II was then asked to take the bike for a test drive, so I head to the menu, had exactly the same issue and still couldn’t figure out what was wrong, so I went full “Middle of supermarket tantrum” and rage quite to restart and bypass the tutorial.

Obviously skipping the training isn’t the best way to start a career as a mechanic, so bypassing the tutorial left me equally confused, I continued to work through a few jobs, discovering a few more issues, such as being told I missed something, but then finding no clear indication of what it was or what I’m supposed to do with it. but again whenever I had to head into the menu, the exact same troubles returned, so it was on to the Sandbox mode to test that out.

The freedom to buy anything I wanted, but you guessed it, with the same menu system the same menu problems persisted. It’s fair to say when it works it’s not a bad mechanic simulator clone, there’s not as much detail as the popular Car Mechanic Simulator franchise, removing parts seems a little rushed as they dissapear into thin air. iI’s got potential for motorcycle fans, but they really need to work out the issues with the user interface before we could recommend it.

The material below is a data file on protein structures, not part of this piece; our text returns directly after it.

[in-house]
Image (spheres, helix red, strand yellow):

Overall presentation, both graphically and with audio, as you might have guessed, it’s an older game, so there’s minimal upgrades to make it feel anything near a next-gen title.
Many of the bikes are pretty well detailed, but the animations, your surrounding garage and the general texture quality all feels a step below the Car Mechanic sims, many of the clunks and clinks of replacing parts sound identical and if you do bypass the UI problems and get a bike out on the road, as well as some pretty standard driving controls and no real feel for speed, you will see it’s still struggling to match the competition both visually and in the sound department.

The real saving grace of Motorcycle Mechanic Simulator could be the price, at only £15 that’s almost £10 less than Car Mechanic Simulator 2021, but my own experience puts Motorcycle Mechanic Sim closer in quality and performance to the original Car Mechanic Simulator, which is only £8 in comparison.

So where does the value lie with Motorcycle Mechanic Simulator, for me it’s really hard to recommend, if you’re just after a Mechanic simulator, then Car Mechanic Simlator 2021 is a much better game and while the rrp at £25 might seem like a jump, it’s often found on sale (currently showing at only £17 in the Xbox store), but even at full price it’s easily worth the extra.

Compared to Car Mechanic Simulator or Car Mechanic Simulator Classic, they’re both lower priced, feel a little more advanced in presentation and aren’t plagued with the menu and UI issues we have with Motorcycle mechanic simulator.
If the issues get patched, then there’s certainly a home for Motorcycle fans, but anyone looking for the general Mechanic Simulator experience might be better off sticking with Car Mechanic Simulator 2021.

Motorcycle Mechanic Simulator

Review by Lee Palmer



If the issues get patched, then there’s certainly a home for Motorcycle fans, but anyone looking for the general Mechanic Simulator experience might be better off sticking with Car Mechanic Simulator 2021.